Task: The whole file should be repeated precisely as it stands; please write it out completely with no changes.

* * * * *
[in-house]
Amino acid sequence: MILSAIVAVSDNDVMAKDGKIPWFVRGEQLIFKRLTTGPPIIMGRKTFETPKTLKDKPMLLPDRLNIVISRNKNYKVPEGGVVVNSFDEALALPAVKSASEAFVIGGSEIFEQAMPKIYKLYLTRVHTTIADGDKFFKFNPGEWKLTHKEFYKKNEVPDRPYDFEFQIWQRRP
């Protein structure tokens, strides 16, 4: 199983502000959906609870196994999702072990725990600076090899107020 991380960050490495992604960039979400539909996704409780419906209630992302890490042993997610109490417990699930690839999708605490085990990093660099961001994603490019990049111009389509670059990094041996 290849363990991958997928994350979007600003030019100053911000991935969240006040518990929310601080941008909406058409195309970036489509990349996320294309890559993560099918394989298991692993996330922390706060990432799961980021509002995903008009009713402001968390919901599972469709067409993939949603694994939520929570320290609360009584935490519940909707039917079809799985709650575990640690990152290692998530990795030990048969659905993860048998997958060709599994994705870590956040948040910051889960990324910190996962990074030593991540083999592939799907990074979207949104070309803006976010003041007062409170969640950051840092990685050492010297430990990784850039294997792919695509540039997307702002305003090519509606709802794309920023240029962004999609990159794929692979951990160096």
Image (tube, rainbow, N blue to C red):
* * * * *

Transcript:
[in-house]
Amino acid sequence: MILSAIVAVSDNDVMAKDGKIPWFVRGEQLIFKRLTTGPPIIMGRKTFETPKTLKDKPMLLPDRLNIVISRNKNYKVPEGGVVVNSFDEALALPAVKSASEAFVIGGSEIFEQAMPKIYKLYLTRVHTTIADGDKFFKFNPGEWKLTHKEFYKKNEVPDRPYDFEFQIWQRRP
């Protein structure tokens, strides 16, 4: 199983502000959906609870196994999702072990725990600076090899107020 991380960050490495992604960039979400539909996704409780419906209630992302890490042993997610109490417990699930690839999708605490085990990093660099961001994603490019990049111009389509670059990094041996 290849363990991958997928994350979007600003030019100053911000991935969240006040518990929310601080941008909406058409195309970036489509990349996320294309890559993560099918394989298991692993996330922390706060990432799961980021509002995903008009009713402001968390919901599972469709067409993939949603694994939520929570320290609360009584935490519940909707039917079809799985709650575990640690990152290692998530990795030990048969659905993860048998997958060709599994994705870590956040948040910051889960990324910190996962990074030593991540083999592939799907990074979207949104070309803006976010003041007062409170969640950051840092990685050492010297430990990784850039294997792919695509540039997307702002305003090519509606709802794309920023240029962004999609990159794929692979951990160096």
Image (tube, rainbow, N blue to C red):